- Anything fun is spaced too far away. We have small little hives of activity connected with long, dark patches of absolutely nothing.
- A lot of the people living here are liberal artists. They don’t make much money, don’t understand how to make money and seem content with First Fridays for selling anything. Yeah, good luck with that.
- We have tons of groups, yet no one talks to each other. Go ask marketing people they’ll tell you the same. We all have our own thing on our own day, and they’re all sparsely attended.
- Everyone wants a creative class down here, but no one understands what the hell that even is.
- Most are against anything corporate or chain, yet they don’t understand that’s where the money comes from.
- Everything is shiny happy unicorn rainbows all the time. THE BEST EVENT EVER! First Friday was a blast! The little scavenger hunt we had changed my life (OK, that last one was actually fun)! It’s called perspective. Try it.
- No one looks around. Nice TwitterHunt last week, CenPho businesses. Didn’t bother to check that many of the people using social media had their own GeekWeekAZ and were too tired to participate, did you?
- Too many businesses think A) Twitter is the answer or B) don’t have a clue what the internet, much less social media, even is. I live downtown and I don’t hear a damn thing about what goes on down here, and I’m constantly searching social media channels. It’s about BALANCE.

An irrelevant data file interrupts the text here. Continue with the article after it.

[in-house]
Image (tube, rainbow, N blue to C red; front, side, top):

- Everyone bitches, but no one bitches out loud and in public. Pissed about Modified Arts? SAY SOMETHING. Want to start a music venue? ASK AROUND.
- We want our Downtown to be just like someone else’s. It doesn’t work that way. While I love the Gaslamp District, our city leaders seem too concerned with north Phoenix to make that happen. You want to improve your city? DO IT.
- Phoenix thinks it has an image problem, when Phoenix IS THE PROBLEM. It’s foot-burning, nose-drying, armpit-sweating hot five months every year here, and we have a Downtown WITHOUT ANY SHADED SIDEWALKS.
- You built a park in the middle of the city and didn’t bother to shade it. Instead, we got a floating cervix that only looks good at night.
- The Arizona Republic still exists, apparently above questioning. Does anyone even read that rag anymore? Arpaio met with Biden? WHO’S REPORTING WHAT?
- Businesses think light rail is the answer. No, being amazing is the answer. Light rail is just a more efficient way of bringing people to you.
- Too often, criticism is passed off as complaining. Ever try asking a critic if they’re willing to help? I bet they are!
- ASU has been allowed to grow in the middle of Downtown, without any sort of clear plan as to what role it will play in the community. Right now, it offers residents limited WiFi. Woohoo.